Dental-Bridge Problems


Dental bridges have crowns or porcelain teeth and fit over an existing tooth or teeth. With good oral hygiene and visits to the dentist at least twice a year, a properly constructed dental bridge can last 10-to-20 years. However, if an individual has a poorly constructed dental bridge, the problems can begin immediately and continue long term.


The bridges and crowns are supposed to fit snugly over the trimmed-down tooth to ensure that it doesn’t move or fall out of place at any time. However, when dental bridges frequently fall out or become loose, there are underlying issues. This is a common problem and can happen for three reasons. The mechanical preparation of the tooth is inadequate. This means that the tooth wasn’t trimmed down enough. The tooth underneath becomes decayed. The other problem is, if the bridge wasn’t constructed correctly in the dental laboratory.


A porcelain fracture can also cause dental-bridge problems. The fracture is a hairline break in the dental bridge. This problem can occur for two different reasons. For instance, the dental laboratory can have a processing error, and a mistake can be made in how the dental bridge was created. However, mistakes can also happen before the information is sent to the laboratory. Your dentist can misjudge the mechanics of your bite. Nevertheless, a porcelain fracture can be a combination of mistakes of the dentist and of the laboratory.


Another problem with dental bridges are when there’s a space between the trimmed tooth and the bridges. When this gap or space problem occurs, the tooth is not completely covered as it’s required to be. The space, in addition, can cause more problems. For instance, since the tooth is not covered, the trimmed tooth is a prime target for tooth decay and cavities.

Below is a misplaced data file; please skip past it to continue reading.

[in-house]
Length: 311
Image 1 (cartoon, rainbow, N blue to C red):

The size of the dental bridges or crowns can be the problem. Dental bridges are custom-fitted to your mouth. However, problems can be caused when the dental bridges or crowns are either too slim or too bulky. This can cause two problems. Food can become trapped between the tooth and the bridge if it’s too slim; as a result, tooth decay can occur. The second problem is when the bridge is too bulky; this can cause cheek irritation.


Dental bridges weren’t created just to cover trimmed-fitted teeth. They also replace missing teeth. However, a problem can arise when the dental bridges aren't constructed to replace enough teeth. Let’s say you have four missing teeth. Since your dentist considers the strength of the other teeth that will have the dental bridge attached to it, your dentist may decide your teeth can’t handle a large bridge. Thus, your dentist can require the laboratory to make a bridge with three crowns instead of four. So the problem with the dental bridge is that it is trying to replace multiple missing teeth, but has too few teeth to do the job.

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